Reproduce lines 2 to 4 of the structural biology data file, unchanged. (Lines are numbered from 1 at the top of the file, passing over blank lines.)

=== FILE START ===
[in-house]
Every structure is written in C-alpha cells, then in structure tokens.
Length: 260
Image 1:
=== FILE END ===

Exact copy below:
Every structure is written in C-alpha cells, then in structure tokens.
Length: 260
Image 1: